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Guest Column: A greater depression

July 1, 1993

Guest Column: A greater depression

By Rick A. Lewis

The market crash has already happened. Did anyone blink and miss the worst September since 1937? It would seem so, as people kissed their retirement funds goodbye while investing in new cars at a record pace.

This is just fine, according to government policy which prompts people to consume without heeding debt or savings. If voodoo economics are good enough for big business and the government, then it should be good enough for the average Dick and Jane. But the hypnotism of that economic black magic is wearing off.

Now the layoffs begin. The fat cat corporations have to slim down to maintain their fortunes, and it won’t be their fat they cut. Take the automobile industry, for example—the market is saturated, and it won’t be the executives losing their jobs because of it. And then, when those relatively well-paid auto workers are let go, they will consume less—forcing job cuts in other sectors. The downward spiral of supply and demand becomes rather obvious as workers buy less. This effect spills over into the holiday shopping season and then beyond.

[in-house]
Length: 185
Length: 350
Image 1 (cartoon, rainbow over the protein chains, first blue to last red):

In the high-tech sector, this will cause the type of deflation already seen in Japan and California’s “Silicon Valley.” On the other hand, the price of basic commodities will creep and lurch forward (inflation). This will be due, in no small part, to the ever-dwindling world supply of petroleum. Transportation and industrial “ghost acres” agriculture depend most heavily on this highly versatile gooey, black muck (known as the blood of the Earth to Native Americans). And, since peak production is already behind us—never mind global warming. The primary fuel source of Western civilization is running out and non-renewable.

And consider, in 10 years, the post-war baby boomers will start getting sick and too old to work. The Earth’s average temperature will be one degree higher. Deforestation and desertification will be more widespread. Water will be fought over nearly as much as oil. And consider, in 50 years, your grandchildren.

For more information, please check out www.dieoff.com and Running on Emptiness by John Zerzan.

Rick A. Lewis is a local resident.

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